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Why Plein Air???

Plein Air painting is the process of the artist traveling to the location where they are to paint, bringing the tools to paint;including easel, brushes, paints, camera for reference, canvases, and all other necessities to create a work of art.  Plein air painting tends to lend itself to smaller works, sometimes called 'studies', that can be used later to create larger works of art in the studio.  The process of capturing a scene in plein air forces the artist to work quickly, since light changes quickly.  The art created in this way can vary in style, loose or tight, depending on the artist's style.  What is important that the artist do is be able to see and capture the important aspects of the scene quickly, and interpret it quickly.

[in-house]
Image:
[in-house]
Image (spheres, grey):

Why??  The process of plein air painting is wonderful in that it allows the artist to quickly assess the colors and light of the day, which change moment to moment.  A scene changes dramatically if the sun goes behind the clouds, for instance.  It causes the artist to slow down,  intensely observe her surroundings, and discern what he or she finds important, and appreciate the beauty of God's creation. The colors captured in plein air will be more accurate - not intensified or omitted the way photographs tend to capture your setting.

This approach to painting has been around a long time, as seen in the masters of old, like Monet, Sorolla, Manet, Degas and many many more, and continues on in the current generations.

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